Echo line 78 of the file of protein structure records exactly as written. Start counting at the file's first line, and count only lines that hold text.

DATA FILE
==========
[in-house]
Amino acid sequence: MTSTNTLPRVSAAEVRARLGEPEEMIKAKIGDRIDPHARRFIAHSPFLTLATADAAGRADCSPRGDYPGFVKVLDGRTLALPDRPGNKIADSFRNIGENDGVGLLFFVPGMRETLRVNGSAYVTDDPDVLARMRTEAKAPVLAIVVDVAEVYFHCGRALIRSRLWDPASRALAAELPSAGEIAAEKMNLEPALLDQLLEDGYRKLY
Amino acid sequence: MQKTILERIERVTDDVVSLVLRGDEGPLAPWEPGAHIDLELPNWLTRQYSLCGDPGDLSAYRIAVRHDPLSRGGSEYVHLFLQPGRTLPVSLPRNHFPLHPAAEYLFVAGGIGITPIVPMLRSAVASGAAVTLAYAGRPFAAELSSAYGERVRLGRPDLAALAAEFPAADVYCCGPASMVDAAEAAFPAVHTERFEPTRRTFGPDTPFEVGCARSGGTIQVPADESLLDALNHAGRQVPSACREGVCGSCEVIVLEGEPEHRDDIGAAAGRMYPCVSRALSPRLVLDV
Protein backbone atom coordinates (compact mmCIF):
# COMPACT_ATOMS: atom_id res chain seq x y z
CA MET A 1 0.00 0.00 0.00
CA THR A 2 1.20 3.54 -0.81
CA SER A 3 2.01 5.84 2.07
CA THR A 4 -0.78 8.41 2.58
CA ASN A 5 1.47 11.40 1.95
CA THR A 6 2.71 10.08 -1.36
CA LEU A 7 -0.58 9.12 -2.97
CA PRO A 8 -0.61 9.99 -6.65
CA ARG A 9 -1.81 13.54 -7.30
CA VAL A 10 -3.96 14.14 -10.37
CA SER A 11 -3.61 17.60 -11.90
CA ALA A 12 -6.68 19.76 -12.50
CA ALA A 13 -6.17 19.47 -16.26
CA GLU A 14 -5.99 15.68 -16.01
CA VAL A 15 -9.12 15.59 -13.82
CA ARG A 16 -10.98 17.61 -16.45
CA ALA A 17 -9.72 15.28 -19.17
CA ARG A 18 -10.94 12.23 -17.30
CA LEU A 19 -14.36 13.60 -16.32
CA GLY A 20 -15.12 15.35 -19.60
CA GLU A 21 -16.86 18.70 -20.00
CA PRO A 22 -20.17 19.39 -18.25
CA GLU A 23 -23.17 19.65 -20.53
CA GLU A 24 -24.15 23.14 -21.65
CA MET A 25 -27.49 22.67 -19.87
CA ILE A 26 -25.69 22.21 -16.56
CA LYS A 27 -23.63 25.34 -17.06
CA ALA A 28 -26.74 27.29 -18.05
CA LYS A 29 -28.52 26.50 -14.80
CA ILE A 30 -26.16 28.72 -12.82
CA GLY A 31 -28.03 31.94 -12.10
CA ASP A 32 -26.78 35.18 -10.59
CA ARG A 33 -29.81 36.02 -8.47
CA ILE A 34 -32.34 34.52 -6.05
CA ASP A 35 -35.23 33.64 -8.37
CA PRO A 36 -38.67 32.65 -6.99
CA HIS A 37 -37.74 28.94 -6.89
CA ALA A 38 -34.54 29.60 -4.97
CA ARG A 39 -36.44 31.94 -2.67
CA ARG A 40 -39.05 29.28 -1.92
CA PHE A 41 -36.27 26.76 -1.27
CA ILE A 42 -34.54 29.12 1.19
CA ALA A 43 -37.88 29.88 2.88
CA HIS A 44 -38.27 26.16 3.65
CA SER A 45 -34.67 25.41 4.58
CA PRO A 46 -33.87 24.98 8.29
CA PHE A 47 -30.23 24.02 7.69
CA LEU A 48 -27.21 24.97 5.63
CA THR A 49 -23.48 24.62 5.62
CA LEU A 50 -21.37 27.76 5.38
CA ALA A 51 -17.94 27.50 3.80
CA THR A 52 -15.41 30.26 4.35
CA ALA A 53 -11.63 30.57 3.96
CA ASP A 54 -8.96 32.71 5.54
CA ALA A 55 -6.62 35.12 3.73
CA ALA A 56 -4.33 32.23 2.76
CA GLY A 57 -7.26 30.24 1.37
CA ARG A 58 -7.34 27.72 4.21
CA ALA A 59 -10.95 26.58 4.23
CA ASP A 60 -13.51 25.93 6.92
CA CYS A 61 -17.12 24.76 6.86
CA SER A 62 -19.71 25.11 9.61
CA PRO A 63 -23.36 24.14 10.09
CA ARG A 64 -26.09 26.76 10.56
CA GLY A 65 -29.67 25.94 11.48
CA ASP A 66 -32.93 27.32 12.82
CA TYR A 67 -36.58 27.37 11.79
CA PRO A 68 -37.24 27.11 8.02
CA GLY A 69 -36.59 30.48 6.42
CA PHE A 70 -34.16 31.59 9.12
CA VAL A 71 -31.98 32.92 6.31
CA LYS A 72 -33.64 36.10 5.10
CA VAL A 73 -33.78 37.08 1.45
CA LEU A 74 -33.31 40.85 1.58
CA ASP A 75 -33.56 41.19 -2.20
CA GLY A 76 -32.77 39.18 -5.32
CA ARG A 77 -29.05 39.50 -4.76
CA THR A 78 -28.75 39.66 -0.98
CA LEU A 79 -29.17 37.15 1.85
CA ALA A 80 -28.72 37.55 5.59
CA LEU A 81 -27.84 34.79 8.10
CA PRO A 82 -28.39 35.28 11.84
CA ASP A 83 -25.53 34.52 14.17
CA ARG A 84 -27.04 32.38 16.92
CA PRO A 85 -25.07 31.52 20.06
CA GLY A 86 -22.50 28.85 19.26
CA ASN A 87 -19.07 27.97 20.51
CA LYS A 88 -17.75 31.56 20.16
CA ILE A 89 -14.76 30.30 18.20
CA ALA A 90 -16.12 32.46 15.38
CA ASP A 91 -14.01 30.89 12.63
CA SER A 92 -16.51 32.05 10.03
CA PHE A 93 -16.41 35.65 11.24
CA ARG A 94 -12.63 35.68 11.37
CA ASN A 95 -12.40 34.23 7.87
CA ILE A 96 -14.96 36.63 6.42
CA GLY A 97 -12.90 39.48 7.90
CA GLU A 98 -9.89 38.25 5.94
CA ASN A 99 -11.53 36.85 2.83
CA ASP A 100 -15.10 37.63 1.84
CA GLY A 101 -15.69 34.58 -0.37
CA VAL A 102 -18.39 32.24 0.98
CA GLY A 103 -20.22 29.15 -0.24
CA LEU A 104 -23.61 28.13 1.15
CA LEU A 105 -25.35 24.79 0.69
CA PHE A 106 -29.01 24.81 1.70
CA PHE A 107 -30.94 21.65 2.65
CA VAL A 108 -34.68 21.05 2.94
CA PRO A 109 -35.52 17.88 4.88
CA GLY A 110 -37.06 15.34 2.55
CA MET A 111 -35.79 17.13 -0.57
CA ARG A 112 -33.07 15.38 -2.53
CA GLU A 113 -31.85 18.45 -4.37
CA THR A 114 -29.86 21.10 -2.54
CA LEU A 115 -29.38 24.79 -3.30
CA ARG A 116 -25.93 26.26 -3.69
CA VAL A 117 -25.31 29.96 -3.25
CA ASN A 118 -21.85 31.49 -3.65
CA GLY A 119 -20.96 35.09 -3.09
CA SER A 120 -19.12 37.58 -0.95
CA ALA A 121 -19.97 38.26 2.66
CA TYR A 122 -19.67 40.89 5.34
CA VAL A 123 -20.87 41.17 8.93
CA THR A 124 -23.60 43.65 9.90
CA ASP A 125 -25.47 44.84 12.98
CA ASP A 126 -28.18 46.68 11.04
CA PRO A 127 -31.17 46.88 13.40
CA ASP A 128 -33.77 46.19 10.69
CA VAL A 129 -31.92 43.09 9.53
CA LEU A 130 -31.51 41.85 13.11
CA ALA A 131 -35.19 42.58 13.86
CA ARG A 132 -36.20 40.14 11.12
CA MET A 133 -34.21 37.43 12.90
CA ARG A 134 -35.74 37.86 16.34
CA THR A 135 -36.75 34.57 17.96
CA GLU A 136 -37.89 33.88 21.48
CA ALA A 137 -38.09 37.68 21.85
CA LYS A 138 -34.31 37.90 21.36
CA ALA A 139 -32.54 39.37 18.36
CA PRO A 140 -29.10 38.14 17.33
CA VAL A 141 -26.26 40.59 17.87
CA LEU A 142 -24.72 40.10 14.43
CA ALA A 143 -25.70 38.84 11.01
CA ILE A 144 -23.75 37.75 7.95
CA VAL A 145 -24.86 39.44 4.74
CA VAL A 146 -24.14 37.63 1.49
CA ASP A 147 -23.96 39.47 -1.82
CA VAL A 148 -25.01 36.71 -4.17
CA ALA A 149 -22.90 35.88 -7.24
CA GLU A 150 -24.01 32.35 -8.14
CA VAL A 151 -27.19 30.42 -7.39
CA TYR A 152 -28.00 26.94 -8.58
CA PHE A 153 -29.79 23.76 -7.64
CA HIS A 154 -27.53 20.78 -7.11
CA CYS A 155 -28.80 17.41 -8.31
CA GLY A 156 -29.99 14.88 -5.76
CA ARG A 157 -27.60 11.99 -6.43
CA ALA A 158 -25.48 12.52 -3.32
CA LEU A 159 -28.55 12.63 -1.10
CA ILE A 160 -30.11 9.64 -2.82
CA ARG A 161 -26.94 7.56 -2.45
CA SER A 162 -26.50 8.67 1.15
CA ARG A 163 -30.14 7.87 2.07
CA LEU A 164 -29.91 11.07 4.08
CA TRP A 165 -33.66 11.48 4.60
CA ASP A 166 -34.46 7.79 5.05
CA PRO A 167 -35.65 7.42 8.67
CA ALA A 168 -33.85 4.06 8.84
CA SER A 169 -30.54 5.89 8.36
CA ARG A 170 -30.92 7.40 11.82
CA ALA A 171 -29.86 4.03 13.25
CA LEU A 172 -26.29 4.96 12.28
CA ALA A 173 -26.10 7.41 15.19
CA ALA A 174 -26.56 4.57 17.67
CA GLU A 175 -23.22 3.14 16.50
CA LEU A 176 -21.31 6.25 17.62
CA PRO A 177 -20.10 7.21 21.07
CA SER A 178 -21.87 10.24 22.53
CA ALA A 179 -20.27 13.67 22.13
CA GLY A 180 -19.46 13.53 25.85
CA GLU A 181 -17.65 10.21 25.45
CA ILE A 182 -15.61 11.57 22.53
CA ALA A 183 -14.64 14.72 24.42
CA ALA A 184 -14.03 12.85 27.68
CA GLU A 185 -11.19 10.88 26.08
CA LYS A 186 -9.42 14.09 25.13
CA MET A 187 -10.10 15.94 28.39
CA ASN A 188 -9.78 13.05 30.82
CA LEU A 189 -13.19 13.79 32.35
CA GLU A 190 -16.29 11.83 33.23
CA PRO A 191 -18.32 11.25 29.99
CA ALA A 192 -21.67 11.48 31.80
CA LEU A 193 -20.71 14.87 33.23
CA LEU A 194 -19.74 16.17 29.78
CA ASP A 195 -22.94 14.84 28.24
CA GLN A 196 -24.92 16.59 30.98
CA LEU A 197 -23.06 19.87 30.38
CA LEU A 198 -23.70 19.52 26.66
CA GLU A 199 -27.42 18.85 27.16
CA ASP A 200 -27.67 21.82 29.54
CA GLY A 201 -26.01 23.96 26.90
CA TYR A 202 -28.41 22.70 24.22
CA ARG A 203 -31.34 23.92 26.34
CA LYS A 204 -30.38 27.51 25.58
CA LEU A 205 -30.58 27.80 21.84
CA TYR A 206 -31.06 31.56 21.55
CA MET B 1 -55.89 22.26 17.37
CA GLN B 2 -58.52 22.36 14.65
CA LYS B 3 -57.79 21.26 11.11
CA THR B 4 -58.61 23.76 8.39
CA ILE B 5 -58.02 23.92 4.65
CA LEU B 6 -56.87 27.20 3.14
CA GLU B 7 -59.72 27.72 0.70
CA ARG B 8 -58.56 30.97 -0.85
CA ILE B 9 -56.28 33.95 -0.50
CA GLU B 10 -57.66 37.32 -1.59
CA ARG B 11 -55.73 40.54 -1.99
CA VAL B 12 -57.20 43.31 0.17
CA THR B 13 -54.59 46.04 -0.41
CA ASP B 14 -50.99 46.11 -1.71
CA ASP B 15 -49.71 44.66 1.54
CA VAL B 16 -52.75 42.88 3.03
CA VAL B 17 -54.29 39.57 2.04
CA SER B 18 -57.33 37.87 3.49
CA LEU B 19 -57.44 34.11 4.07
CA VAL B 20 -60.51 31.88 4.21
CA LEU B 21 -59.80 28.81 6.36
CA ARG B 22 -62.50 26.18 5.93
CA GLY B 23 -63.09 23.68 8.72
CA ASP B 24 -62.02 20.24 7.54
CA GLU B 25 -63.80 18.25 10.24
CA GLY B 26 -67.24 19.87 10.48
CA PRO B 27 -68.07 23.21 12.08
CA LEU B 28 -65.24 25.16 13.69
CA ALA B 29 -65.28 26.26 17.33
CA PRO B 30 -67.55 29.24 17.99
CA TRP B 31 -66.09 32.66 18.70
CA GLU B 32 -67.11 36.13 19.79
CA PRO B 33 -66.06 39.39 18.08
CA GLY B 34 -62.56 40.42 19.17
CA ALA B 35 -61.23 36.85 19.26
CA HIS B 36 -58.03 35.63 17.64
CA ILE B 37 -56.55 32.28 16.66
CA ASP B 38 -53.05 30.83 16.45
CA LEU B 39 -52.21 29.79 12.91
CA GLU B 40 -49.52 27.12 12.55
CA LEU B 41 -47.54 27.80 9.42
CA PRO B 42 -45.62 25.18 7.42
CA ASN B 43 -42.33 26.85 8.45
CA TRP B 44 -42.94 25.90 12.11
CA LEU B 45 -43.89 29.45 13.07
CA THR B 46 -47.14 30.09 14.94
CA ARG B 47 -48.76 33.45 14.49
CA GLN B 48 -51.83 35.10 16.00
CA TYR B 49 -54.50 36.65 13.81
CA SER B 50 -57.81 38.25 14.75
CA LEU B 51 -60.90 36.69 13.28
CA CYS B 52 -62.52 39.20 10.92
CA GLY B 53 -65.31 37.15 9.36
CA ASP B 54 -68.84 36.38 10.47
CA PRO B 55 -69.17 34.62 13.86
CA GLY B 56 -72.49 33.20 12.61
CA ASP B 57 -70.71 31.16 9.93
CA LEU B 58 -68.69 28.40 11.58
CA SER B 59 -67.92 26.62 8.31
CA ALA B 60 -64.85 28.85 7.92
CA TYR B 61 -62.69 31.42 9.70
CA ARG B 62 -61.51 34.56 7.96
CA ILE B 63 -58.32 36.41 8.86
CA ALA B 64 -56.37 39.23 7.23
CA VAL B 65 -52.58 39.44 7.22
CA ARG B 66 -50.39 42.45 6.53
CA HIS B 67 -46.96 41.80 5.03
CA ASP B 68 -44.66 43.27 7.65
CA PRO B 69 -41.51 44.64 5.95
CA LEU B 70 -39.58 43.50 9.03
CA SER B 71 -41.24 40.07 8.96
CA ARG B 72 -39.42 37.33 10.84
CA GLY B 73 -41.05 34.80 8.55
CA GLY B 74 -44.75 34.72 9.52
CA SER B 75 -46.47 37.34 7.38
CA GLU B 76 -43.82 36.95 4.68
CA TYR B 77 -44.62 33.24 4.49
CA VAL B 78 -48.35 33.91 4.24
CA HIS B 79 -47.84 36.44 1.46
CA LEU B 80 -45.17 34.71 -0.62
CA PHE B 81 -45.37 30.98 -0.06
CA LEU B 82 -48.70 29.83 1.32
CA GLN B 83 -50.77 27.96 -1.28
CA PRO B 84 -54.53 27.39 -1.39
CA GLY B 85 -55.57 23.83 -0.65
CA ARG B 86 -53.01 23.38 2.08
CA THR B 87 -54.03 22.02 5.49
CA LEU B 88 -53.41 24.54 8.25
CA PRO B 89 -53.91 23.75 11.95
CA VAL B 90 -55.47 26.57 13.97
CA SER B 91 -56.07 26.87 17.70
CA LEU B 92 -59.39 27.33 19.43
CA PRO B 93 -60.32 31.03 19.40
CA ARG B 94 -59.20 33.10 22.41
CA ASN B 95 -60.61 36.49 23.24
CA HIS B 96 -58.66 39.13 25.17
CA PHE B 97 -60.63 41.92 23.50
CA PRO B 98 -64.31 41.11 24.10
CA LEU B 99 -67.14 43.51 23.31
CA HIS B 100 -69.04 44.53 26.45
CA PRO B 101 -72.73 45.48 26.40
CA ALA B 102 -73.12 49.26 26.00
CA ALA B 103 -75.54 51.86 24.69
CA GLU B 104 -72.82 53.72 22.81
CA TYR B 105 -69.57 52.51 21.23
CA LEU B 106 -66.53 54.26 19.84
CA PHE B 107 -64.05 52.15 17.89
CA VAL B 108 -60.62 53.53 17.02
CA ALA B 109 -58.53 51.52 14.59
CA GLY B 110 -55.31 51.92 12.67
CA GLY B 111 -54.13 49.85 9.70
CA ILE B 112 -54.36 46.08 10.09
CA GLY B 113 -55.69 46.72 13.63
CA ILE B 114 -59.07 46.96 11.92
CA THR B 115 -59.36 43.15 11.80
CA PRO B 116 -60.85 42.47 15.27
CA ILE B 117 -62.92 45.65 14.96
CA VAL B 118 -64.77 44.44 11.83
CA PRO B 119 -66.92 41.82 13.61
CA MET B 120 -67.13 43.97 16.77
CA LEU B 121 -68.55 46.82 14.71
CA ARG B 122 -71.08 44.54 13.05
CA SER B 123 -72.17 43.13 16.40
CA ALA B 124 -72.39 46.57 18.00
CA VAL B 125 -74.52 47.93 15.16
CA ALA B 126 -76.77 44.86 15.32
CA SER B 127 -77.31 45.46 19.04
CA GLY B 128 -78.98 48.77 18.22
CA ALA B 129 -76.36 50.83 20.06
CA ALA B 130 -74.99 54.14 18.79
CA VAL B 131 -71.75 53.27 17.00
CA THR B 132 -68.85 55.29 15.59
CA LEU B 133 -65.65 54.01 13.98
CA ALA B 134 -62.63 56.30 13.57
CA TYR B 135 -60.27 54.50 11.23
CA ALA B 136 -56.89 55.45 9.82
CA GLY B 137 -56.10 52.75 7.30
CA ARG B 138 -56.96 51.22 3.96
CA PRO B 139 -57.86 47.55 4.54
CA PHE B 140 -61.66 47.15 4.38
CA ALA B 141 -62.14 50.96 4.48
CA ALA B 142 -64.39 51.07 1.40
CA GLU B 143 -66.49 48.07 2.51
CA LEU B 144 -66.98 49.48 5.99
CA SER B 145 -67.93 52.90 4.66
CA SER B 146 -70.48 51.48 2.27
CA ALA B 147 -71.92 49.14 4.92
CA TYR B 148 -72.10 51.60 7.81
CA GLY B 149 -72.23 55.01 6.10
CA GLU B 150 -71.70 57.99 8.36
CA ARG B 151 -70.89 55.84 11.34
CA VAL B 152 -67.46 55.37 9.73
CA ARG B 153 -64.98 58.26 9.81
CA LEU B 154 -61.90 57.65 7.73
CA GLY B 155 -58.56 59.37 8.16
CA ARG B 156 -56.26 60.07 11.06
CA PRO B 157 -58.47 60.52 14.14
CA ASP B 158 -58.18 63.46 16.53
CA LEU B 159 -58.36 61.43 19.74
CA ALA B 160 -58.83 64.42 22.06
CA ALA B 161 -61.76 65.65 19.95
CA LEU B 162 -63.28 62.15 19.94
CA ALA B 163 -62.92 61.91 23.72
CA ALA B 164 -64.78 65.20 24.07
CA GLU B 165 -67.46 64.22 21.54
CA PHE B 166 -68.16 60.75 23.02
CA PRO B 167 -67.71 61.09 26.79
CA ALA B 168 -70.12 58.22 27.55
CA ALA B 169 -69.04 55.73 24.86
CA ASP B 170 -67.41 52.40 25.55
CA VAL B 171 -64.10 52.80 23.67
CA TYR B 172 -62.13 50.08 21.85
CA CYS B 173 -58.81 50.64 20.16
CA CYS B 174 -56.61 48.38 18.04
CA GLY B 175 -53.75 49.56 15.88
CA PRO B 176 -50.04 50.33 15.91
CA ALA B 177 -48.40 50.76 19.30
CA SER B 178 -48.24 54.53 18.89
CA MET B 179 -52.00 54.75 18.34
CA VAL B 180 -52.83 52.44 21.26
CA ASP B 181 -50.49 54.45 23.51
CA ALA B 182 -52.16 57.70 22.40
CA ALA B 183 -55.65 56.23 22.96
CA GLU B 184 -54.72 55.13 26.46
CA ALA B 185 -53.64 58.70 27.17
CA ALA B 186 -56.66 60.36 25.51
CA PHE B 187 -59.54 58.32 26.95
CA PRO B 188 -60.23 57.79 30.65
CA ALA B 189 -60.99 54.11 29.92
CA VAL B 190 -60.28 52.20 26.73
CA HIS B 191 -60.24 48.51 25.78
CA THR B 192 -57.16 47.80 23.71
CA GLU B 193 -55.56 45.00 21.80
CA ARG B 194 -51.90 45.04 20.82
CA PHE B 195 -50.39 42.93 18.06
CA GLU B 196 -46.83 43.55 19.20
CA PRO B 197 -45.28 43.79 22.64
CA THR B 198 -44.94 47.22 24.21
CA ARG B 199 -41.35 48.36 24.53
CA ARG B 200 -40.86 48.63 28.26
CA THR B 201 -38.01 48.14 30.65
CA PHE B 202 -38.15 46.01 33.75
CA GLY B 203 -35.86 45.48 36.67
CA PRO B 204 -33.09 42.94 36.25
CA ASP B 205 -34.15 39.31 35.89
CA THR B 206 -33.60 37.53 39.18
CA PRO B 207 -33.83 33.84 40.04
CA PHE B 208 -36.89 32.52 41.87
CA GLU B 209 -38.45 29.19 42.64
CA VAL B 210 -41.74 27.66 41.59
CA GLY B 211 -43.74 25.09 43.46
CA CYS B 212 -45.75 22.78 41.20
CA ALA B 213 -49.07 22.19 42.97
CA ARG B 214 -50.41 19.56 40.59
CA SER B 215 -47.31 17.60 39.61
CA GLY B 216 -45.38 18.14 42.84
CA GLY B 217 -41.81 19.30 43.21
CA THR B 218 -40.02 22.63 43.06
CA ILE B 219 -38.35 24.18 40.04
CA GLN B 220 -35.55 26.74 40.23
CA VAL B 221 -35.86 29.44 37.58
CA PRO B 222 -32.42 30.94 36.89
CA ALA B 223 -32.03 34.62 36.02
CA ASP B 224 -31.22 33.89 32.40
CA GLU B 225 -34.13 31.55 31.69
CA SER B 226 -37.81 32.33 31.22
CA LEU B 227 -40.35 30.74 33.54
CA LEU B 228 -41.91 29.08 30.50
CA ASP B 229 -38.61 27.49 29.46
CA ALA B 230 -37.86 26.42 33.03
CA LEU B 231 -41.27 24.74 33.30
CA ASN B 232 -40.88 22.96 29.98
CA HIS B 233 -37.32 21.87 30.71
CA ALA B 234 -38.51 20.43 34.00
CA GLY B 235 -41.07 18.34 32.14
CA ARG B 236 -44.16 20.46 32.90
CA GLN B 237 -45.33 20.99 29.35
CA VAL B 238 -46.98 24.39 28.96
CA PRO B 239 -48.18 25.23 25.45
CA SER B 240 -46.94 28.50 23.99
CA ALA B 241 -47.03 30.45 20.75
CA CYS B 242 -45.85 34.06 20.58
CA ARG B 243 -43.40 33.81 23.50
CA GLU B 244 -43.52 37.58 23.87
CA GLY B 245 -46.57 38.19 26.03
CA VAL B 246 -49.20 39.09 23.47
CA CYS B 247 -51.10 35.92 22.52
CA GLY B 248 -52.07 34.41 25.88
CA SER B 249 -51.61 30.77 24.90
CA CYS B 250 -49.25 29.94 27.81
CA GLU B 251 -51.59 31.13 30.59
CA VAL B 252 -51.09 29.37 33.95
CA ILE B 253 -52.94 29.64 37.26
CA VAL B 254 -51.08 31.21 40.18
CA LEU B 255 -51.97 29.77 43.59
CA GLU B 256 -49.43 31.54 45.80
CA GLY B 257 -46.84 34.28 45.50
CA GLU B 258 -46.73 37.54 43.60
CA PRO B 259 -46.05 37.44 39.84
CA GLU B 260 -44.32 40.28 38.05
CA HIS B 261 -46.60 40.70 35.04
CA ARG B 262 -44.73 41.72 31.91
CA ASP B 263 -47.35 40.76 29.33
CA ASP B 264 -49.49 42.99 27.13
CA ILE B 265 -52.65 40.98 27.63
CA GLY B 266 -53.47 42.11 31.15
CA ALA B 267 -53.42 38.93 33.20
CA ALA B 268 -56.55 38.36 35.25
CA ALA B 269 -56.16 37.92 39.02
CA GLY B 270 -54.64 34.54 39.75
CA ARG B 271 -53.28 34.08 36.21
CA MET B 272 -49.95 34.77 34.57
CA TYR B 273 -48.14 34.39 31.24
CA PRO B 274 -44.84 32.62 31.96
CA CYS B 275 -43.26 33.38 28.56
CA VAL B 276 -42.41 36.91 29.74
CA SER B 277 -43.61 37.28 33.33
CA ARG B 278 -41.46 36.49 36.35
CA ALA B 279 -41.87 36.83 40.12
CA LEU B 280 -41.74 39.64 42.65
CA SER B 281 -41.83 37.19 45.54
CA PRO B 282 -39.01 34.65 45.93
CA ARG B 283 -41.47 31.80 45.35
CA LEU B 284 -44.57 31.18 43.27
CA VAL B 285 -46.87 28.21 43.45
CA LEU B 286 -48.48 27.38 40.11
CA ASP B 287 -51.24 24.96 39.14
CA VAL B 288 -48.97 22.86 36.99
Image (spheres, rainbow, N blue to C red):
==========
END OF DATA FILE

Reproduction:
CA VAL A 73 -33.78 37.08 1.45